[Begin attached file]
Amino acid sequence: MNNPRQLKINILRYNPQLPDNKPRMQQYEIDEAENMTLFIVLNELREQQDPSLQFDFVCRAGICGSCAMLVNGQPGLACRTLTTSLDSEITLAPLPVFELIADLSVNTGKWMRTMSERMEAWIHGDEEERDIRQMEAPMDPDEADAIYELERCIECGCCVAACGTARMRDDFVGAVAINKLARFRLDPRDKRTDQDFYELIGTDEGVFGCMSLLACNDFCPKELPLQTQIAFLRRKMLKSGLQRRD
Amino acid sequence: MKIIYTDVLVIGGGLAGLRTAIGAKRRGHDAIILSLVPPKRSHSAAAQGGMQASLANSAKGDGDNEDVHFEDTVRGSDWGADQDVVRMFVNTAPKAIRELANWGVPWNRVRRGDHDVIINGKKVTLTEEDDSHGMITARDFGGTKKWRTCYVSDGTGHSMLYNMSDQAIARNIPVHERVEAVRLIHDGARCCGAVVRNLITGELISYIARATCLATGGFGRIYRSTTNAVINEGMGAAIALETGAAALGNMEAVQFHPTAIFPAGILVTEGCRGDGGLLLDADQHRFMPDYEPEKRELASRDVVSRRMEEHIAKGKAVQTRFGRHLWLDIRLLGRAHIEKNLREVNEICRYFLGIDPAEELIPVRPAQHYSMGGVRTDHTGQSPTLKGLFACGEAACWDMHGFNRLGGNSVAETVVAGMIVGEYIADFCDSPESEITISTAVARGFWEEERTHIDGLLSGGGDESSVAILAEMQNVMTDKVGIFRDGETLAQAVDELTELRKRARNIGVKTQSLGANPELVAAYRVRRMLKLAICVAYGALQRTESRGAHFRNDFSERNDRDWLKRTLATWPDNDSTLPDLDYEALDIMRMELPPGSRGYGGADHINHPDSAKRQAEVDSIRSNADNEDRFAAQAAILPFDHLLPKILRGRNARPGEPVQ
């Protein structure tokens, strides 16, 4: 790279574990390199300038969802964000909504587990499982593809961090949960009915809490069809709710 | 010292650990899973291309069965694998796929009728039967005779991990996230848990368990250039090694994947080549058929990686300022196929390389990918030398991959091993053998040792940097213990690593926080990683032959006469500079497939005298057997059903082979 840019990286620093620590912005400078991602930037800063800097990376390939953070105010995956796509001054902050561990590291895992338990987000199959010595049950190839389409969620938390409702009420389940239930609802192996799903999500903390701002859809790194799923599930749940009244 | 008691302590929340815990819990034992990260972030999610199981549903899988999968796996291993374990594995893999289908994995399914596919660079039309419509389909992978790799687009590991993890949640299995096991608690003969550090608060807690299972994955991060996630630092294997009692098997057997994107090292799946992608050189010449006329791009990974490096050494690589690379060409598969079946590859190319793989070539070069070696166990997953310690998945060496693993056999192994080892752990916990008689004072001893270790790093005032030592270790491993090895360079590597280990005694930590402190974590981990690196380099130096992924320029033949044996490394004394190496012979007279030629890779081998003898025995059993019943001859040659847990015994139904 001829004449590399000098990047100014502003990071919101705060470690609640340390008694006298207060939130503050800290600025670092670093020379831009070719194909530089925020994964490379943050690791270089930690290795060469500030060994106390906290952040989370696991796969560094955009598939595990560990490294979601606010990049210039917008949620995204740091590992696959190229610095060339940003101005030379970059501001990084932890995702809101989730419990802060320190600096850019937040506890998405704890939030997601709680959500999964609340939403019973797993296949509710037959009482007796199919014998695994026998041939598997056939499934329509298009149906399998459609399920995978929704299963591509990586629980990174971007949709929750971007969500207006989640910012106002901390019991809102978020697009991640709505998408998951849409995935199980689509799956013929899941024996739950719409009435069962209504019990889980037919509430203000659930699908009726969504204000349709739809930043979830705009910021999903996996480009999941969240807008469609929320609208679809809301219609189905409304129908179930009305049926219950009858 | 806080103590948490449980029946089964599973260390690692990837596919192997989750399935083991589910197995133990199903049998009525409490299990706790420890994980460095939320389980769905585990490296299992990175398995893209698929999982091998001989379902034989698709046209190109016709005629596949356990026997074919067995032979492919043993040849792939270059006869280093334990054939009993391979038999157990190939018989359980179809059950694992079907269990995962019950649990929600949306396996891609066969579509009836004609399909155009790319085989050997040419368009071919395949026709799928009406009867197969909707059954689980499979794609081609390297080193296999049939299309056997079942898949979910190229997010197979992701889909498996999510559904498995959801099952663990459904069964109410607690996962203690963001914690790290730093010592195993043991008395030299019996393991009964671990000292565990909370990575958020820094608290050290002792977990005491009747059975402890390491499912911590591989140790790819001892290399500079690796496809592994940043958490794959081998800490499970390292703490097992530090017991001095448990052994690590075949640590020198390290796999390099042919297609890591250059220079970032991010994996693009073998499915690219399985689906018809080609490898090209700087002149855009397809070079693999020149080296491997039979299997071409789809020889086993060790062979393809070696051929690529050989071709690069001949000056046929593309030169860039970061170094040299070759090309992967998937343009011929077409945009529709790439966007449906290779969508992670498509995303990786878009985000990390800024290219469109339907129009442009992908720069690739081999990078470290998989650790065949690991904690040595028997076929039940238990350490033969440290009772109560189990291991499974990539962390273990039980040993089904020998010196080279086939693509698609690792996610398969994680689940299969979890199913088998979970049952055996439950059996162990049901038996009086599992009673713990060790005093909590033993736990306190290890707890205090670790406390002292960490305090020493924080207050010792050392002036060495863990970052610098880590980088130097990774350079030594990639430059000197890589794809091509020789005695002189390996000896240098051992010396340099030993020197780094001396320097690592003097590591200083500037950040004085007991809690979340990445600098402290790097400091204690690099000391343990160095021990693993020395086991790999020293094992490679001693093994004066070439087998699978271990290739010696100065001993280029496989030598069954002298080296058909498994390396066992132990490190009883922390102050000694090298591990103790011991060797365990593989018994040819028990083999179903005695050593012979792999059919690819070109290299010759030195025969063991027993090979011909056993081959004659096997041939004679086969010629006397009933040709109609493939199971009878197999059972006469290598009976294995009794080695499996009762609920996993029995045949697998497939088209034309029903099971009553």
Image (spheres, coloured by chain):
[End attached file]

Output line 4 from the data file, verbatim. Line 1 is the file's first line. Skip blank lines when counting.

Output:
Image (spheres, coloured by chain):